Today, two senators have proposed a major update to one of the only federal privacy laws in the United States. If approved, the changes to the Children’s Online Privacy Protection Act (COPPA) would codify a set of parental controls and ban targeted advertising to young minors.

Sens. Ed Markey (D-MA) and Josh Hawley (R-MO) plan to introduce the bipartisan measure today that would amend COPPA in order to extend privacy protections to children up to age 15. COPPA already prohibits companies like Facebook and Google from collecting personal data and location information from anyone under the age of 13 without explicit parental consent, but the senators’ new bill amending the law would extend protections to children up to age 15. However, if approved, platforms would only be able to collect the data of children aged 13 to 15 with their own, personal consent and not that of their parents.

“In 2019, children and adolescents’ every move is monitored online, and even the youngest are bombarded with advertising when they go online to do their homework, talk to friends, and play games. In the 21st century, we need to pass bipartisan and bicameral COPPA 2.0 legislation that puts children’s well-being at the top of Congress’s priority list. If we can agree on anything, it should be that children deserve strong and effective protections online.”

TikTok’s parent company with a record-setting $5.7 million for violating current COPPA regulations. In a press release, the FTC claimed that TikTok was collecting the personal data of children under 13 without receiving explicit consent from their parents. Under these proposed rules, apps and platforms like TikTok would have to abide by stronger privacy protections for children up to age 15 as well.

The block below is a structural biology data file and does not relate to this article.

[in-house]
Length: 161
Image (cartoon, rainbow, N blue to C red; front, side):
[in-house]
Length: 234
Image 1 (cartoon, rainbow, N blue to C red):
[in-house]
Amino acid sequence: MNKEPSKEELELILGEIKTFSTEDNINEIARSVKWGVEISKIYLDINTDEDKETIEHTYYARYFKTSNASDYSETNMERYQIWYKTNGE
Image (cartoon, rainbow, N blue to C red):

Platforms would also be barred from serving targeted ads to children under 13.

When it comes to connected devices and toys targeted toward children, the bill would also ensure that companies and manufacturers include some kind of disclosure on the packaging for parents detailing how their child’s data would be collected, retained, shared, and protected. And if those devices don’t meet a set of robust cyber security standards, they would be banned from stores.

Once approved, companies would have a year before they would be required to disclose to its users, in plain language, the types of data it collects, how it’s used, and the mechanisms used in order to ensure that data is not collected from minors.

“Big tech companies know too much about our kids, and even as parents, we know too little about what they are doing with our kids’ personal data. It’s time to hold them accountable,” Hawley said. “Congress needs to get serious about keeping our children’s information safe, and it begins with safeguarding their digital footprint online.”

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